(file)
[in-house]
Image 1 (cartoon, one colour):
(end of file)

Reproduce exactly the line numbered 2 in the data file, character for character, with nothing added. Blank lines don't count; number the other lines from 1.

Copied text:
Image 1 (cartoon, one colour):